What else they’re not happy about is Indonesia resettling as many Indonesians as they can there over the intervening fifty years – I should point out that West Papua as well as Papua New Guinea is a predominately Christian country, which will become important for reasons in a moment. And their suspicion is that Indonesia are sending as many Indonesians – who just happen to be Muslims – to West Papua as possible, so that when the time comes to choose between staying with Indonesia or becoming their aforementioned own thing, there’ll be enough resettled Indonesians there to tip the vote in Indonesia’s favour.
Now, switch to the point of view of Papua New Guinea, the country that takes up the other half of the island shared with West Papua. Australia has started sending our refugees – many of who are Muslims, or at least that’s the perception – to go and live there. Is this sounding familiar? It really isn’t, but it sounds like it is, and therein lies the problem.
Indonesia is sending Muslim Indonesians to West Papua, perhaps to tip a vote to remain part of Indonesia, but who can say. Australia is sending Muslim refugees to Papua New Guinea, and there’s fear that one day they might tip a vote to make Papua New Guinea part of Indonesia as well, if such a motion were to be suggested at the right strategic time. I don’t know why refugees would vote for that simply because they’re Muslims – out of much needed solidarity previously lacking in their lives under persecution, I guess? But that’s where the fear comes into it. Fear isn’t rational, and that’s why a lot of racism is borne by it. I guess being an asshole isn’t rational either, and that’s where a lot more racism comes from in general. But of those two sources in this specific instance, I feel like the former may be the more compelling tale.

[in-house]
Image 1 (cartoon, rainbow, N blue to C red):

You may have noticed a lack of bolded external links which usually proliferate these comic annotations. That’s because, for a change, I’m not just reporting news as I see it. This is the synthesis of a wide and scattered array of reading material I’ve devoured on the matter, mixed with a healthy amount of personal conjecture. Most of the connections I’ve drawn might be complete bunkum. But it’s like I said at the start: there is something very satisfying about a narrative that seems to fit once you get it. The difference is that this is a narrative that is still ongoing. We can’t step back and look at all the pieces yet, and arrange them with accuracy. We’re in the thick of it.
Whenever my friend Suri posts me a parcel full of action figures, he tends to toss in a bunch of extra stuff just cos he’s an awesome guy. One time, he gave me the SOTA figure of Ibuki from Street Fighter, who came with a little toy tanuki. I unpacked the parcel in my office, so I put the tanuki on my desk and kept unpacking the other stuff. The tanuki is still there today.
That parcel arrived about five years ago.
All the toys on my desk get rotated and swapped around fairly frequently, but that tanuki has always remained a constant. Heck, when I got a new desk, the tanuki went onto the new one before my computer did. When I’ve worked away from home for any length of time, the tanuki has come with my in my suitcase. He’s about two inches from my keyboard while I’m typing this sentence right now, and he’s probably still two inches from my keyboard whenever you’re reading this. He’s even showed up in comics.
So, when I wanted something for constant size comparisons to other action figures, he seemed like the obvious choice in terms of immediate availability at any given moment. But I realise that not everybody has a tanuki on their desk all the time (we can’t all be so lucky, I guess). So, for reference, here he is next to a 375ml soft drink can and a standard 4×2 Lego brick.
If you want an actual review, I think he’s really nice and you should get one if you can, especially if you’re a fan of tanukis.